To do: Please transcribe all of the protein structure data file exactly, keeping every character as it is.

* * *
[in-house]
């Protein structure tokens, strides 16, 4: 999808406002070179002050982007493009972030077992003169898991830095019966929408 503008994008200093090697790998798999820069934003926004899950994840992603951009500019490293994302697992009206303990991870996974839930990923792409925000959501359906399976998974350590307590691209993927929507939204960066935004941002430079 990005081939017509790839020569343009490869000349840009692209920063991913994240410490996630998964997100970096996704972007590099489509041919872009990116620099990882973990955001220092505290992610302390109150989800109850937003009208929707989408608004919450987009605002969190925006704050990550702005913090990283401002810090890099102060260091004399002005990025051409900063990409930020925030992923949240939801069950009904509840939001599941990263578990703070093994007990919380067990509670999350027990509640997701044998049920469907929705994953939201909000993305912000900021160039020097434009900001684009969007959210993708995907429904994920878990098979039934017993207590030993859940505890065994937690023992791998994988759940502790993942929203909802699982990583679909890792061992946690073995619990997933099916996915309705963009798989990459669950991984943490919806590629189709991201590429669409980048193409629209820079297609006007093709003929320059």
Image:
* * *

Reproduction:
[in-house]
């Protein structure tokens, strides 16, 4: 999808406002070179002050982007493009972030077992003169898991830095019966929408 503008994008200093090697790998798999820069934003926004899950994840992603951009500019490293994302697992009206303990991870996974839930990923792409925000959501359906399976998974350590307590691209993927929507939204960066935004941002430079 990005081939017509790839020569343009490869000349840009692209920063991913994240410490996630998964997100970096996704972007590099489509041919872009990116620099990882973990955001220092505290992610302390109150989800109850937003009208929707989408608004919450987009605002969190925006704050990550702005913090990283401002810090890099102060260091004399002005990025051409900063990409930020925030992923949240939801069950009904509840939001599941990263578990703070093994007990919380067990509670999350027990509640997701044998049920469907929705994953939201909000993305912000900021160039020097434009900001684009969007959210993708995907429904994920878990098979039934017993207590030993859940505890065994937690023992791998994988759940502790993942929203909802699982990583679909890792061992946690073995619990997933099916996915309705963009798989990459669950991984943490919806590629189709991201590429669409980048193409629209820079297609006007093709003929320059």
Image: